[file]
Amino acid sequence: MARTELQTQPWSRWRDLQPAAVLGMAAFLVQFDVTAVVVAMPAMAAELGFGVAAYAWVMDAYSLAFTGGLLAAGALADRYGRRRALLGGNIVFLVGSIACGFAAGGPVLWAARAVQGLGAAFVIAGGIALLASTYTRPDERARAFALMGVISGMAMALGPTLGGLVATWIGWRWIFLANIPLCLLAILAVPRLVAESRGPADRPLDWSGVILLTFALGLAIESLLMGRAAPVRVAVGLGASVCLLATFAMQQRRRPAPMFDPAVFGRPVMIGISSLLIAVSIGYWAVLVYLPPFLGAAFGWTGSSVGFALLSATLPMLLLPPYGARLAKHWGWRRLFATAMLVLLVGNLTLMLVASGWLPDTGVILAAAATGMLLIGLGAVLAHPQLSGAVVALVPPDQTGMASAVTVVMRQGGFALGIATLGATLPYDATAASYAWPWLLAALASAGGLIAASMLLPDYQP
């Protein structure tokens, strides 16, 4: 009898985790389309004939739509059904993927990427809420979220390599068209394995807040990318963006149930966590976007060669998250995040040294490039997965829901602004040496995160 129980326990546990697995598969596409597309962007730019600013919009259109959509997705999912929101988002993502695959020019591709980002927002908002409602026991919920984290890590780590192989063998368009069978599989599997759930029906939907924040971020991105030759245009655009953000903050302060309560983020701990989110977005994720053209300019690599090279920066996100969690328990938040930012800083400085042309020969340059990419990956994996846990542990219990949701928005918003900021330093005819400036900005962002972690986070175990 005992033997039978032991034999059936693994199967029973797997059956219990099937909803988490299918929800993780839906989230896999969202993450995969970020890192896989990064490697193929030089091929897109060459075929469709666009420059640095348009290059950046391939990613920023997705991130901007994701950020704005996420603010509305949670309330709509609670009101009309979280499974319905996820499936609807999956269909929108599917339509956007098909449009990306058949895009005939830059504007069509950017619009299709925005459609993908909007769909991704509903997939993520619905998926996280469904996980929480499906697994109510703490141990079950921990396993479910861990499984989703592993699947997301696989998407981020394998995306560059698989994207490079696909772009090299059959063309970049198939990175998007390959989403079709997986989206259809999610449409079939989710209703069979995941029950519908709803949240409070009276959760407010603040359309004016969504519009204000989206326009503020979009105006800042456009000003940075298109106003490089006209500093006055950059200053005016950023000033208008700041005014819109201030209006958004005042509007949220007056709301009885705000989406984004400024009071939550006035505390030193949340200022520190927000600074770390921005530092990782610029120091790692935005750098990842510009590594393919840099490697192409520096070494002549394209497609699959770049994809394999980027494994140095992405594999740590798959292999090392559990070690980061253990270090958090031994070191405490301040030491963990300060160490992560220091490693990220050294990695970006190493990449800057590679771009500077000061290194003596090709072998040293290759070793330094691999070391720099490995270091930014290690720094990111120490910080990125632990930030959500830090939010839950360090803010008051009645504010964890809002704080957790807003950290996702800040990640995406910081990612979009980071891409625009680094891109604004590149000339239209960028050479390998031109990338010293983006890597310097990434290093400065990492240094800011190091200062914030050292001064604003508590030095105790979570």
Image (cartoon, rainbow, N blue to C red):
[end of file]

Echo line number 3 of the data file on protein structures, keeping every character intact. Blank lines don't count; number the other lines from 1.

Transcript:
Image (cartoon, rainbow, N blue to C red):